Numerous chant treatises are the work of Franciscans, from the simple ‘Cantorinus’ type of concise instructions on intoning psalms and antiphons to the more developed prefaces of François de Bruges in his editions of the Roman Antiphoner (1505) and the Roman Psalter (1507). François commented in a practical way on the use of musica ficta in plainchant. The little handbook for novices and others by Bonaventura of Brescia, entitled Regula musice plane (1497), gives instructions on how to sing different categories of chant. An important medieval musical treatise describing both plainchant and mensural music is the Quatuor principalia, also the work of a Franciscan, the Friar of Bristol.
Franciscans figured among the many sequence writers of the Middle Ages, but the order has chiefly influenced the course of European music and poetry in ways not directly connected with the liturgy. The friars were closely associated with the composition and propagation of laude spirituali – simple religious songs in the vernacular that gained enormous popularity and were sung by numerous confraternities of lay folk in town and village. The Fioretti recount that St Francis himself went about ‘cantando e laudando magnificamente Iddio’. The texts, though not the music, of several of his songs survive. He sent out his friars to preach and sing the praises of God as if they were ‘joculatores Domini’, with the instruction to claim as largesse after their efforts not money but conversion of heart: ‘volumus in hoc remunerati a vobis, videlicet ut stetis in vera poenitentia’. This injunction was echoed in many of the laude, for example:
A voi gente facciam prego
ke stiate in penitentia …
The models used by the composers of laude were the wordly and amorous songs of the people. Often the melodies were taken over just as they stood and the words parodied. The Franciscans Jacopone da Todi and Bianco da Siena composed exquisite laude, and Jacopone made frequent use of dance forms. Many laude stressed penitential themes; numerous others were written in honour of the Blessed Virgin.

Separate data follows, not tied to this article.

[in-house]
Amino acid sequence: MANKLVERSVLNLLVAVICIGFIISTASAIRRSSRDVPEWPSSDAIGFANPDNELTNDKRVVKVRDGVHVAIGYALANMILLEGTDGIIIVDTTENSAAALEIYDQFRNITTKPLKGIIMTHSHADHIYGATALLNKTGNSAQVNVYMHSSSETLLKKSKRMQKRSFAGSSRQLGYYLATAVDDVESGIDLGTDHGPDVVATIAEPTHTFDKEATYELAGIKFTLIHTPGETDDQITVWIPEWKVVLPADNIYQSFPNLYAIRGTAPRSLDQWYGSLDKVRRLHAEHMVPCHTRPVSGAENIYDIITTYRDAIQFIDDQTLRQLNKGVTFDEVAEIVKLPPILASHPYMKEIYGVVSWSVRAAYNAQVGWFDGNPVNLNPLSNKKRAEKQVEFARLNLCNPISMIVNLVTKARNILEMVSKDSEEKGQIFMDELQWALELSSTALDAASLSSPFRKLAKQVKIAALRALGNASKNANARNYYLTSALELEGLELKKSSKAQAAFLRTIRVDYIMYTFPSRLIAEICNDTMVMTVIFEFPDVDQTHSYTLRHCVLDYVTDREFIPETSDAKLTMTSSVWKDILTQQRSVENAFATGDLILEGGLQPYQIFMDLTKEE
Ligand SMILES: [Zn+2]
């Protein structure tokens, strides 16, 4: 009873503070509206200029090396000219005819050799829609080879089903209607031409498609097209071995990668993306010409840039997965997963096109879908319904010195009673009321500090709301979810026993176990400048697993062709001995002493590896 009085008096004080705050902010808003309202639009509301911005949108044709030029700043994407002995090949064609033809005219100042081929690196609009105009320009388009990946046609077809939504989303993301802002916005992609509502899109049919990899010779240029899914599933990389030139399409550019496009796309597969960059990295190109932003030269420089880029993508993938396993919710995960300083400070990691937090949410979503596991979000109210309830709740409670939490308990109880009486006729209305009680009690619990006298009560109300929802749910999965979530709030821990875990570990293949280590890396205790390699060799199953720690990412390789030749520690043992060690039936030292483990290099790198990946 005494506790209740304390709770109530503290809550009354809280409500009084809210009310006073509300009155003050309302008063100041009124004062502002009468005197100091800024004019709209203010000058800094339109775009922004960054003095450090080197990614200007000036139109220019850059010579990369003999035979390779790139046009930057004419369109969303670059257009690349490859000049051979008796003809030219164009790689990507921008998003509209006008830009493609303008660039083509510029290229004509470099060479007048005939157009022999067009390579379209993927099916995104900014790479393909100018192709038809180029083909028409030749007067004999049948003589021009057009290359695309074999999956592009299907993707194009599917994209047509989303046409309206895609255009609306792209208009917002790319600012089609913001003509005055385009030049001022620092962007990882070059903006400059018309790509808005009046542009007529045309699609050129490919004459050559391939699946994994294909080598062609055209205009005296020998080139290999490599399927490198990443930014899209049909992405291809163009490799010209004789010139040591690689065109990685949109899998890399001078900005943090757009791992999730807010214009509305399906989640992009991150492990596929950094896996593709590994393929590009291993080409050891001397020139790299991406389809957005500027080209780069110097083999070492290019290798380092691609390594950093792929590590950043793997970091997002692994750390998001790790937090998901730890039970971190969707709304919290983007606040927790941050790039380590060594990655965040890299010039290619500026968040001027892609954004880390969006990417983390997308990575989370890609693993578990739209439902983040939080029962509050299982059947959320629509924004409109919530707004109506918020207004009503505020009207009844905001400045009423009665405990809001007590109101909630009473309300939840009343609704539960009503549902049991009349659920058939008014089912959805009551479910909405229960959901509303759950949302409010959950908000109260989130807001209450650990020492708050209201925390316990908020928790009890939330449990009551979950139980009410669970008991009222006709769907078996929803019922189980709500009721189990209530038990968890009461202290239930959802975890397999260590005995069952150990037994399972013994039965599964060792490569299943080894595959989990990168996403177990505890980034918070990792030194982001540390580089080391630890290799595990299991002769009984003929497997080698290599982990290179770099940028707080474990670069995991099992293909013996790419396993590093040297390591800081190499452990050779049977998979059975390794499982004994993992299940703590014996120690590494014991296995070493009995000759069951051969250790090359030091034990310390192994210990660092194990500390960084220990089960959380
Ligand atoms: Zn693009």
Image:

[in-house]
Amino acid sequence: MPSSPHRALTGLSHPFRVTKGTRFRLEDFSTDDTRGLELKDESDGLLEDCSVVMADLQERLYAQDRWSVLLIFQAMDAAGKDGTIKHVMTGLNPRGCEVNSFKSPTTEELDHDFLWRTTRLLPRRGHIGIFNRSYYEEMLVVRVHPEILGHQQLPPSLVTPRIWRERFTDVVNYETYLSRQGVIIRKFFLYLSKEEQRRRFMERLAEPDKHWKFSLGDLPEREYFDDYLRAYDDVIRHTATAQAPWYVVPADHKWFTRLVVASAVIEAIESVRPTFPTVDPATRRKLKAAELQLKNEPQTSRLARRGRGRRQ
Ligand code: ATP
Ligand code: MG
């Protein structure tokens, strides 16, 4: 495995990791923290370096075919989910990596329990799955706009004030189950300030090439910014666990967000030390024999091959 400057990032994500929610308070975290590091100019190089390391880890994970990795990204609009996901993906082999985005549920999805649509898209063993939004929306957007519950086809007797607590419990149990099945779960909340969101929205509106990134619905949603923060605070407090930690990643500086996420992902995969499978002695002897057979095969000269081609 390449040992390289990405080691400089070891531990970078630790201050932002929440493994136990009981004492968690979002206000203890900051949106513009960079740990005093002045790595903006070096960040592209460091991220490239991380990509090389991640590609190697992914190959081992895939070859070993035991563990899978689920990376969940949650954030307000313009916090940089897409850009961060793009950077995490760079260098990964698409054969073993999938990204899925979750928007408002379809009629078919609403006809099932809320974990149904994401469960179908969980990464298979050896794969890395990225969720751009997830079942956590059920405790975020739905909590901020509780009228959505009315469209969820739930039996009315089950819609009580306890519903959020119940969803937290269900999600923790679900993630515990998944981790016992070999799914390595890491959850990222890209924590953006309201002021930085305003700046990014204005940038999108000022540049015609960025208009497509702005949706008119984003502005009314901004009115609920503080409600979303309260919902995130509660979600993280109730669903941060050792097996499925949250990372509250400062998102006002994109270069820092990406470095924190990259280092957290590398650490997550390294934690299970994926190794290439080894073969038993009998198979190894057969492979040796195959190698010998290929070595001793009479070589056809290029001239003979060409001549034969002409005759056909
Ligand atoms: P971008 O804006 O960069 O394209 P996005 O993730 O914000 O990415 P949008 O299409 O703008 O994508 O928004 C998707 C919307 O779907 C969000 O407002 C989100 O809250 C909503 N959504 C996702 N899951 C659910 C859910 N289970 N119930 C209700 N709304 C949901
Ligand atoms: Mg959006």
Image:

This popular Franciscan vernacular tradition was to prove an important influence in shaping the medieval lyric north of the Alps. Friar Jehan Tisserand is the first known composer of a French noël. In England Franciscans were directly associated with the development of the English carol. They produced translations, macaronic poems, parodies and original compositions. The Kildare collection (c1300) of Anglo-Irish poems (GB-Lbl Harl.913), which includes an early lullaby, was the work of Franciscans. Later in the 14th century Friar Johan de Grimestone wrote many religious lyrics, including carols, and towards the end of the 15th century Friar James Ryman of Canterbury composed no fewer than 119 carols and some 40 other poems, in a homely, simple style. He often used some well-worn Latin snippet, such a ‘O clemens, O pia, O dulcis Maria’, as a burden (Greene, 1935). Ryman also made English homespun translations of Latin hymns which were probably sung to their plainchant tunes. Either he or his scribe was familiar with the musical technique of faburden.
Franciscans have not confined their talents and interest to popular lyrics in the vernacular. When Salimbene de Adam described the multiple musical activities of his time in Italy in c1284 he made special mention of more technically complex music, in particular the polyphonic works of Philip the Chancellor. In later times the most celebrated of all Franciscan musicians was the scholar, composer and teacher Padre Martini (G.B. Martini, 1706–84), who was known and revered throughout Europe.